Etymology Of Cunt
The etymology of 'cunt' is actually considerably more complex than is generally supposed. The word's etymology is highly contentious, as Alex Games explains: "Language scholars have been speculating for years about the etymological origins of the 'c-word'" (2006). A consensus has not yet been reached, as Ruth Wajnryb admits in A Cunt Of A Word: "Etymologists are unlikely to come to an agreement about the origins of CUNT any time soon" (2004), and Mark Morton is even more despairing: "no-one really knows the ulterior origin of cunt" (2003). Greek Macedonian terms for 'woman' - 'guda', 'gune', and 'gyne' - have been suggested as the word's sources, as have the Anglo-Saxon 'cynd' and the Latin 'cutis' ('skin'), though these theories are not widely supported. Perhaps the clearest method of structuring the complex etymology of 'cunt' is to approach it letter by letter, and this is the approach I have taken here. I have examined the Indo-European, Latin, Greek, Celtic, and Dutch linguistic influences on 'cunt', and also discussed the wide variety of the word's contemporary manifestations.
Indo-European: Cu And Femininity
The prefix 'cu' is an expression of "quintessential femineity" (Eric Partridge, 1961), confirming 'cunt' as a truly feminine term. The synonymy between 'cu' and femininity was in place even before the development of written language: "in the unwritten prehistoric Indo-European [...] languages 'cu' or 'koo' was a word base expressing 'feminine', 'fecund' and associated notions" (Tony Thorne, 1990). The proto-Indo-European 'cu' is also cognate with other feminine/vaginal terms, such as the Hebrew 'cus'; the Arabic 'cush', 'kush', and 'khunt'; the Nostratic 'kuni' ('woman'); the Irish 'cuint' ('cunt'). Mark Morton suggests that the Indo-European 'skeu' ('to conceal') is also related.
Thus, 'cu' and 'koo', both pronounced 'coo', were ancient monosyllabic sounds implying femininity. 'Coo' and 'cou' are modern slang terms for vagina, based on these ancient sounds. Other vaginal slang words, such as 'cooch', 'coot', 'cooter', 'cooz', 'cooze', 'coozie', 'coozy', 'cookie', 'choochy', 'chocha', 'cootch', and 'coochie snorcher' are extensions of them. 'Coochie snorcher', as in The Little Coochie Snorcher That Could from The Vagina Monologues, is a childish euphemism for 'cunt' that has generated the following elaborate variants:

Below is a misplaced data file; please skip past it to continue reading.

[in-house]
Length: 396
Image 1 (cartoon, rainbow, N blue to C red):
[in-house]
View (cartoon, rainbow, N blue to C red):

The phrase also inspired the song titles Itchycoo Park (The Small Faces, 1967), Rock And Roll Hoochie Koo (Rick Derringer, 1974), and (I'm Your) Hoochie Coochie Man (Muddy Waters, 1954). Hoochie Coochie Men was also the name of Long John Baldry's backing band during the 1960s.
The feminine 'cu' word-base is also the source of the modern 'cow', applied to female animals, one of the earliest recorded forms of which is the Old Frisian 'ku', indicating the link with 'cu'. Other early forms include the Old Saxon 'ko', the Dutch 'koe', the Old Higher German 'kuo' and 'chuo', the German 'kuhe' and 'kuh', the Old Norse 'kyr', the Germanic 'kouz', the Old English 'cy' (also 'cua' and 'cyna'), and the Middle English 'kine' and 'kye'.
The prefix has also been linked to elliptical (thus, perhaps, symbolically vaginal) terms such as 'gud' (Indo-European, 'enclosure'), 'cucuteni' ('womb-shaped Roman vase'), 'cod' ('bag'), 'cubby-hole' ('snug place'), 'cove' ('concave chamber'), and 'keel' ('convex ridge'). The Italian 'guanto' ('glove') and the Irish 'cuan' ('harbour') may also be related, as they share with 'vagina' the literal meaning 'receptacle'. Even 'cudgel' has been suggested as another link, though a cudgel seems more like a cock than a cunt, and indeed none of these terms have the demonstrably feminine associations of 'cunt' or 'cow'.
'Cu' also has associations with knowledge: 'can' and 'ken' (both 'to know') evolved from the 'cu'/'ku' prefix. RF Rattray highlights the connection between femininity and knowledge: "The root cu appears in countless words from cowrie, Cypris, down to cow; the root cun has two lines of descent, the one emphasising the mother and the other knowledge: Cynthia and [...] cunt, on the one hand, and cunning, on the other" (1961).
Indeed, there is a significant linguistic connection between sex and knowledge: one can 'conceive' both an idea and a baby, and 'ken' means both 'know' and 'give birth'. 'Ken' shares a genealogical meaning with 'kin' and 'kind', from the Old English 'cyn' and the Gothic 'kuni'. It also has vaginal connotations: "['kin'] meant not only matrilineal blood relations but also a cleft or crevice, the Goddess's genital opening" (Barbara G Walker, 1983).